It can be wine, it can be peanuts! Heck, it can even be fruit.

    This is a SIMPLE, yet very important misconception that needs to be broken down… and I respect those who feel things like walkathons, and marathons are important, as well…

    I do BELIEVE that being able to make our OWN food choices, and be in CONTROL of our diabetes, means having a full life — we can thrive, and have a full life… and it can be on our terms.

    Thank you all… for your thoughts, and support.

  9. Liz
    Liz July 10, 2012 at 8:39 am | | Reply

    And I understand not everyone will agree with this approach, as well… but we all need to raise awareness in the ways we feel convicted to do so… And just the discrepancies on how people view food in this post alone, tells me it is IMPORTANT I raise awareness the way I have chosen to do so. :)

  10. Revisiting Ice Cream and Diabetes | Blue Circle | Scoop.it

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  11. AllisonB
    AllisonB July 10, 2012 at 4:46 pm | | Reply

    I actually have an easier time eating ice cream and cupcakes than I do eating “healthy” things like Kashi cereal and whole wheat bagels. The fact of the matter is, some foods are handled better by those who don’t produce their own insulin. Cereal and bagels are not on the Do Not Eat list for most PWDs, but if I eat it, I’m over 300 mg/dl for hours.

    The truth is that YDMV (Your Diabetes May Vary) and that’s the point behind this Ice Cream Social. No one can tell us what we can or can’t eat. We have to do what is best for us and our diabetes.

  12. Betty
    Betty July 11, 2012 at 7:06 am | | Reply

    I’m still trying to persuade my family that it is ok for a type 1 diabetic to eat normal sugar and carb items, as long as the person is, or is learning to, adjust their insulin to the higher carb foods. I will say, we found some awesome breyers triple chocolate no sugar added ice cream that had a total counted carbs of 14 (sugar minus 1/2 fiber and 1/2 sugar alcohol). It was actually really tasty and Jon could eat a serving of ice cream without having to worry about his blood glucose spiking.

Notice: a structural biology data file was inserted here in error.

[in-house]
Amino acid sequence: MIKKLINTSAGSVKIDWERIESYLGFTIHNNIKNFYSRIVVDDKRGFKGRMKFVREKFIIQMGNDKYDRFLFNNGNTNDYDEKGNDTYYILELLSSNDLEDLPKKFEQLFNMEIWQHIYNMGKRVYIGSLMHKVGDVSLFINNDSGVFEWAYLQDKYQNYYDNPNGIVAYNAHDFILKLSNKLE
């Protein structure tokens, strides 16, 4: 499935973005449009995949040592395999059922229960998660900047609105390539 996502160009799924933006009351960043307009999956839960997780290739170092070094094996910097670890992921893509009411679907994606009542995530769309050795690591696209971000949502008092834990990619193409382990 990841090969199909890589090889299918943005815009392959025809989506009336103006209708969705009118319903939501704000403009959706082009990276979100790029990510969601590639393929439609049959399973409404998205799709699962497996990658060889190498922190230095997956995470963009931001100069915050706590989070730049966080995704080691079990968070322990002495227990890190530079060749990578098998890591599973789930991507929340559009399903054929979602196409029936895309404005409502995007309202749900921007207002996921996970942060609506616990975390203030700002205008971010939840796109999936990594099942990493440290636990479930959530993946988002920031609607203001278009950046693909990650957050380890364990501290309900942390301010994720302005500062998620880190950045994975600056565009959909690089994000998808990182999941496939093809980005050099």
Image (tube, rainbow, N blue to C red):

13. Sysy
    Sysy July 11, 2012 at 12:54 pm | | Reply

    Technically, anyone can do anything they want. I’m more in support of proving our point by showing how willing we are to work on healthy habits. Most people I know think that one typical dessert or bit of junk food a day is practicing “moderation”. To that I say, “If you say so…and good luck”.

    I mean do whatever you want and tell others you can but in the end, what’s your blood sugar and A1c telling you about the food you’re eating? Or is the issue this darn disease? There is more to it than food but food is such a HUGE factor.

    I also think it’s interesting that the ice cream that will be served will be “gigantic”. No offense but I don’t feel that’s helping the message one bit.